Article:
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United States Department of Agriculture

Agricultural Research Service

Title: Zoophthora Radicans (Zygomycetes: Entomophthorales) Spore Production from Naturally-Infected Empoasca Kraemeri Cadavers and Dry-Formulated Mycelium under Laboratory and Field Conditions

Authors
item Wraight, Stephen
item Galaini-Wraight, Sandra - ITHACA CITY SCHOOL DIST
item Carruthers, Raymond
item Roberts, Donald - UTAH STATE UNIVERSITY

Submitted to: Biological Control
Publication Type: Peer Reviewed Journal
Publication Acceptance Date: February 1, 2003
Publication Date: September 1, 2003
Citation: Wraight, S.P., Galaini-Wraight, S., Carruthers, R.I., Roberts, D.W. 2003. Zoophthora radicans (zygomycetes: entomophthorales) spore production from naturally-infected empoasca kraemeri cadavers and dry-formulated mycelium under laboratory and field conditions. Biological Control. 28(1):60-77.

Interpretive Summary: Empoasca leafhoppers are widespread and important pests of agriculture. In the USA, several species cause serious damage to a broad range of food, forage and fiber crops, including potatoes, beans, alfalfa, and cotton. Zoophthora radicans, a common insect-pathogenic fungus, is an important natural enemy of leafhoppers, and its development for biological control has been pursued for many years. This fungus, however, produces fragile, thin-walled spores that are difficult to mass produce, harvest and formulate on an industrial scale. An alternative approach, which circumvents this problem, involves production of vegetative mycelium. After being applied in the crop, the mycelium produces spores that infect the target pests. USDA scientists have developed and patented a process for formulation of Z. radicans mycelium into dry granules that can be stored for many months under refrigeration. This paper reports studies which determined the effects of temperature on sporulation of this dried mycelium formulation and compared sporulation of the formulated fungus to wild fungus growing on naturally infected leafhopper cadavers in the field. Results indicated that the sporulation behavior of the formulated fungus was similar to that of the wild fungus and that the formulated product was therefore an excellent source of inoculum for infecting leafhoppers in the field. These findings will contribute to the continuing scientific and commercial development of this and other species of fungal pathogens for pest control.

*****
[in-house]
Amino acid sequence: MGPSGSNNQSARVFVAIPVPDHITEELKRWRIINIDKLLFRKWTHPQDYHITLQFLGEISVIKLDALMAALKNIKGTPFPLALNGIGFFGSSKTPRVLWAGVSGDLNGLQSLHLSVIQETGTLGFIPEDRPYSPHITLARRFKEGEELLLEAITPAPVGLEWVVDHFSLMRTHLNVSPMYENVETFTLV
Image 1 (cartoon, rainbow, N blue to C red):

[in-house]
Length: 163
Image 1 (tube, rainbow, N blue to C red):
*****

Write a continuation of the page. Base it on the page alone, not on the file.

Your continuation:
Technical Abstract: Studies were conducted to assess the effects of temperature on sporulation of a dried-mycelium formulation of the entomophthoralean fungus Zoophthora radicans and to compare sporulation of formulated versus wild fungus on naturally infected cadavers of the leafhopper Empoasca kraemeri. Spore production by the formulation increased from 3.1 to 13.7 x 104 conidia/mg (dry weight) over the temperature range 5-20øC and then decreased to 10.7 104 conidia/mg at 25øC and to nearly zero at 31øC. The optimum sporulation temperature was estimated to be 23.6øC. Pieces of formulated mycelium (2 x 2 x 0.5 mm) placed on bean and cowpea foliage in the field generated conidia in a manner similar (both temporally and quantitatively) to wild Z. radicans on leafhopper cadavers. Sporulation commenced within a few h after evening dewset and ceased with the return of dry conditions after 08:00 h. Both the formulated fungus and wild fungus on adult leafhopper underwent multiple daytime desiccation/nighttime rehydration cycles, sporulating on up to eight consecutive nights. Second, third, fourth, and fifth-instar cadavers supported sporulation of the wild fungus for only 5-6 nights. On a dry weight basis, the wild fungus produced substantially more conidia than the formulated fungus; however, differences were less pronounced based on hymenium surface area. These findings indicate that the dried-mycelium formulation is well suited as a source of inoculum for initiating or augmenting epizootics in leafhopper populations.

Last Modified: 7/28/2014
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